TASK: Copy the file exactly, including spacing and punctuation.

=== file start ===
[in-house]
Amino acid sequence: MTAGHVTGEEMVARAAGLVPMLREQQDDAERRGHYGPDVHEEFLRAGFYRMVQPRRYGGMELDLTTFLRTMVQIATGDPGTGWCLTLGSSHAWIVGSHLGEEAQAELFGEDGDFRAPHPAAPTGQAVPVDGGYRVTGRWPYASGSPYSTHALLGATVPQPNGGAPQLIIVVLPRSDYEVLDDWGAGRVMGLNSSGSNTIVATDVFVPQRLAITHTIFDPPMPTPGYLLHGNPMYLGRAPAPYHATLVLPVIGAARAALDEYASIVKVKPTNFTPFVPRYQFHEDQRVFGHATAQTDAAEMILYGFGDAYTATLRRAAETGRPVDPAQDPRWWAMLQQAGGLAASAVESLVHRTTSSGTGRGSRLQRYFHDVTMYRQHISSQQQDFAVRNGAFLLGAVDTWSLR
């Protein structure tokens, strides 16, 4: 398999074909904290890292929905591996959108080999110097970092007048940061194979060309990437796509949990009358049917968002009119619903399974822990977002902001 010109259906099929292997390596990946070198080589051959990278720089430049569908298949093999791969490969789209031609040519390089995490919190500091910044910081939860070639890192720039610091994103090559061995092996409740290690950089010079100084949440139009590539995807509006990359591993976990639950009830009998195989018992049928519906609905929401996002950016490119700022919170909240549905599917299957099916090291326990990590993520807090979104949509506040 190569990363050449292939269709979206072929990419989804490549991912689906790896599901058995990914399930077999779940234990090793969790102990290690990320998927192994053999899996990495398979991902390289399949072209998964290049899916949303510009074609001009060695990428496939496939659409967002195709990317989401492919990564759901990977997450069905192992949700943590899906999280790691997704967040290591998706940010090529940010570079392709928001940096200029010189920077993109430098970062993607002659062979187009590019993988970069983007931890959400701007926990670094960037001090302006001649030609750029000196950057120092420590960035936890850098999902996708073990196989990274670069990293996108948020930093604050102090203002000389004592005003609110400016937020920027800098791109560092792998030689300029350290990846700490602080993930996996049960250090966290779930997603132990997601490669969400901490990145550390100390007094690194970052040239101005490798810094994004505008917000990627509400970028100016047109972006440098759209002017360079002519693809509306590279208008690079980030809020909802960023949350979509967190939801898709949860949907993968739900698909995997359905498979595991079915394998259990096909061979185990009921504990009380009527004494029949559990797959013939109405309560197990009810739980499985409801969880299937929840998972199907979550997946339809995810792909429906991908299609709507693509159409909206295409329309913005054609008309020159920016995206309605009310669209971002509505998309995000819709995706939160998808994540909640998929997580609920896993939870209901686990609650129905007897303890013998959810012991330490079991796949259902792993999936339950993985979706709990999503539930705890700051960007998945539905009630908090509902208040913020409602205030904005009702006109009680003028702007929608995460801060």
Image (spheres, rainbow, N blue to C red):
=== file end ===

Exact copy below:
[in-house]
Amino acid sequence: MTAGHVTGEEMVARAAGLVPMLREQQDDAERRGHYGPDVHEEFLRAGFYRMVQPRRYGGMELDLTTFLRTMVQIATGDPGTGWCLTLGSSHAWIVGSHLGEEAQAELFGEDGDFRAPHPAAPTGQAVPVDGGYRVTGRWPYASGSPYSTHALLGATVPQPNGGAPQLIIVVLPRSDYEVLDDWGAGRVMGLNSSGSNTIVATDVFVPQRLAITHTIFDPPMPTPGYLLHGNPMYLGRAPAPYHATLVLPVIGAARAALDEYASIVKVKPTNFTPFVPRYQFHEDQRVFGHATAQTDAAEMILYGFGDAYTATLRRAAETGRPVDPAQDPRWWAMLQQAGGLAASAVESLVHRTTSSGTGRGSRLQRYFHDVTMYRQHISSQQQDFAVRNGAFLLGAVDTWSLR
């Protein structure tokens, strides 16, 4: 398999074909904290890292929905591996959108080999110097970092007048940061194979060309990437796509949990009358049917968002009119619903399974822990977002902001 010109259906099929292997390596990946070198080589051959990278720089430049569908298949093999791969490969789209031609040519390089995490919190500091910044910081939860070639890192720039610091994103090559061995092996409740290690950089010079100084949440139009590539995807509006990359591993976990639950009830009998195989018992049928519906609905929401996002950016490119700022919170909240549905599917299957099916090291326990990590993520807090979104949509506040 190569990363050449292939269709979206072929990419989804490549991912689906790896599901058995990914399930077999779940234990090793969790102990290690990320998927192994053999899996990495398979991902390289399949072209998964290049899916949303510009074609001009060695990428496939496939659409967002195709990317989401492919990564759901990977997450069905192992949700943590899906999280790691997704967040290591998706940010090529940010570079392709928001940096200029010189920077993109430098970062993607002659062979187009590019993988970069983007931890959400701007926990670094960037001090302006001649030609750029000196950057120092420590960035936890850098999902996708073990196989990274670069990293996108948020930093604050102090203002000389004592005003609110400016937020920027800098791109560092792998030689300029350290990846700490602080993930996996049960250090966290779930997603132990997601490669969400901490990145550390100390007094690194970052040239101005490798810094994004505008917000990627509400970028100016047109972006440098759209002017360079002519693809509306590279208008690079980030809020909802960023949350979509967190939801898709949860949907993968739900698909995997359905498979595991079915394998259990096909061979185990009921504990009380009527004494029949559990797959013939109405309560197990009810739980499985409801969880299937929840998972199907979550997946339809995810792909429906991908299609709507693509159409909206295409329309913005054609008309020159920016995206309605009310669209971002509505998309995000819709995706939160998808994540909640998929997580609920896993939870209901686990609650129905007897303890013998959810012991330490079991796949259902792993999936339950993985979706709990999503539930705890700051960007998945539905009630908090509902208040913020409602205030904005009702006109009680003028702007929608995460801060």
Image (spheres, rainbow, N blue to C red):